My origin was carefully concealed from me. Yet I've always somehow known on a subconscious level. You can hide this sort of thing from the child forever and never have them consciously suspect anything, but on some level the child will know something and just be confused and blame herself for feeling weird.
Here are some of the scattered hints I've had through the years of being donor conceived:
When I was 6 or so, I asked my maternal grandfather where babies come from. He said something to the effect of "Mom goes to a doctor and he puts the baby in her." For a long time, this was weird to me only to the extent that a man born in 1906 would say this instead of using a more traditional stork or cabbage story.
The weird part was how my social father reacted when I told him about this. He went pale. He was upset and angry. And he said "From now on, always ask me about everything!"
I interpreted this as being angry for my grandfather being dishonest about the facts of life. But his anger was still an overreaction difficult to understand.
When I was 7, I really wanted a baby sister. I was told this was impossible, without any explanations. Even afterwards, when I expressed this desire again, pointing out to them that I know my mother still has her period and that I know they have sex, I got no explanation at all beyond the customary "It's impossible" followed by an awkward silence and exchanged glances. No "We've been trying, but you know we have fertility issues" or "We don't want another child" or any rationalization at all.
When I was 16, I became very interested in the myths of ancient Gnosticism, particularly the story of the Demiurge / Ialdabaoth, the false god of this world, stealing the gift of life from the real Unknown Father, putting Adam on this Earth, and persuading him there are no fathers except him. I wrote a play depicting this myth. The character of Ialdabaoth was so easy and natural to create. He was a comical narcissistic pathetic little meanie saying things like "I'm your Daddy... there are no daddies but me... say Daddy" to the newly created Adam.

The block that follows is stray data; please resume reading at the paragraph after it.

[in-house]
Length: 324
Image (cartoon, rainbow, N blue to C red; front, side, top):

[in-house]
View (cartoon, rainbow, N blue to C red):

In the Gnostic myth, Adam eventually finds out his real father is the unknown God beyond the cosmos.
When I was 18 and became sexually active, my mother told me, in a whispering voice, not to think I won't get pregnant easily just because they had trouble conceiving. "Your father was the one with fertility problems. He didn't have enough living sperm." It was said with fear and guilt for revealing something no one was supposed to know, so it didn't even occur to me to enquire further. I tried to forget I knew as much, because I knew he'd be angry if he knew I knew. She was the one who took the "blame" for infertility publicly in front of others.
My husband remembers me saying, much before I was told by my aunt that I was donor conceived, that I think of my mother's family as my "ancestors", and not my father's family. In our patriarchal culture, this is really quite strange, and he asked me "How come?" I didn't know. I answered "I just do. I look like them, I am like them, I feel like I'm descended from them more."
When my children were born, I didn't expect them to look anything like my father. I didn't know why. He said once my second daughter looked like him, and I laughed - it sounded like a joke. It was impossible. I had no idea why, but the very notion sounded ridiculous. I rationalized it to myself as follows: "I look like my mother and nothing like my father, everyone knows that. So I guess I don't expect my kids to look like him, either. But genetics don't work that way and I know it. Traits skip generations. So why do I still expect my kids to look nothing like him?"
The fact remained: my kids look nothing like him, either.